Overshadowed by The Matrix, David Cronenberg’s 1999 film Existenz is a wild tale about artificial reality, one with less kung fu and even more body horror. In the film’s vision of the future, fleshy, biological video game pods can be plugged into a person’s spinal cord (through something called a bio-port), mentally transporting them to a game world. Allegra Geller (Jennifer Jason Leigh) is one of the preeminent game designers in this new world, and her latest project, Existenz, promises to be her magnum opus. After assassins dedicated to preserving the real world attack Geller, security guard Ted Pikul (Jude Law) saves her. She convinces him to get a bio-port so they can test the game together. So begins a journey into other worlds, one that involves violence, existential anxiety, and a gun made of chicken bones. Existenz may not have the flashy action of sci-fi blockbusters, but it’s a thrilling examination of the nature of reality with some memorably grotesque visuals.
Horror and suspense
Let the Right One In (2008)
A horror film with a heart, Let the Right One In follows a meek boy named Oskar (Kare Hedebrant) who lives in a suburb of Stockholm, Sweden. Bullies prey on Oskar, and he leads a lonely life, dreaming of revenge, until one night he meets a pale girl named Eli (Lina Leandersson), who lives next door with a man named Håkan (Per Ragnar). Although Eli is distant at first, the two become friends, but Eli has a dark secret, and a string of murders follows her arrival. Let the Right One In is a somber, methodical film, and a fresh take on a classic horror premise, but it’s also strangely touching. Despite their youthful personalities, Oskar and Eli are two lonely souls who find a sort of comfort in each other.
If there is one lesson to take away from horror movies, it is to never spend a weekend in a secluded cabin, a lesson newlyweds Paul (Harry Treadaway) and Bea (Rose Leslie) learn in Honeymoon. The movie wisely builds up their relationship in the first act, and their affection makes it all the more unsettling when things start to go wrong. Honeymoon is a character-driven horror movie, and while it is light on jump scares, it does a great job of creeping out the audience, slowly escalating the action until it reaches a disturbing climax.
Weiner, a documentary from Josh Kriegman and Elyse Steinberg, began as a redemption story, chronicling former Congressman Anthony Weiner’s campaign to become mayor of New York City a couple of years after a sexting scandal forced him out of politics. As the campaign progresses, and Weiner becomes embroiled in another scandal with similar details, Weiner becomes an eyewitness account of a campaign (and a marriage) imploding. Weiner is a fascinating subject, overflowing with bravado but prone to moments of self-doubt; he cuts a tragic figure, his wild energy causing both his rise and downfall. Weiner is a strikingly intimate portrait of a complicated public figure, and how quickly a political campaign can go off the rails.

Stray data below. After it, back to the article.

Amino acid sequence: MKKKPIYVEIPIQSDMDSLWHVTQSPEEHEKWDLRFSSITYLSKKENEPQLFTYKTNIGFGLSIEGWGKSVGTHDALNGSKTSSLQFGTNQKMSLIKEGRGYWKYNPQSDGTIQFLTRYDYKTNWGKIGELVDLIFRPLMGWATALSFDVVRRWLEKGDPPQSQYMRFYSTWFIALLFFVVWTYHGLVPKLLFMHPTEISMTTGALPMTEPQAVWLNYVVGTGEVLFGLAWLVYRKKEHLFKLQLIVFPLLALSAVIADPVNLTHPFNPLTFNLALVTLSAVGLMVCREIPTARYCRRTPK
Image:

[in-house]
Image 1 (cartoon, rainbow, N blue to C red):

Free Solo (2018)
What can we say about Free Solo that hasn’t been said already? Filmmaker Jimmy Chin’s award-winning biopic chronicles professional climber Alex Honnold’s free solo ascent of one the most iconic slabs of granite in the world, El Capitan, as well his upbringing and van-fueled life outside the wall. It’s a harrowing portrait, one lined with vertigo-inducing shots and candid conversations about life and death, told through the lens of a 33-year-old who wants nothing more than to summit a 3,000-foot cliff with no ropes or safety harness. The footage of the climb itself — from the route planning to the actual execution — is mesmerizing, but it’s the film’s blunt examination of Honnold’s mind and motives that takes it to new heights.
Becoming Bond (2017)
James Bond is one of the most prestigious roles in cinema, one several great actors — Sean Connery, Roger Moore, and Daniel Craig, among others — have stepped into. One man who got a taste of the Bond lifestyle, however, stepped away from it after just one film: George Lazenby, who starred in the underrated On Her Majesty’s Secret Service. In Becoming Bond, director Josh Greenbaum sits down with Lazenby to hear the story of how a young car mechanic from Australia came to play a British icon, and why he walked away from it all. Lazenby is a charming storyteller, and Greenbaum wisely lets him take the lead, as he tells a tale as full of drama, sex, and luxury as any Bond film.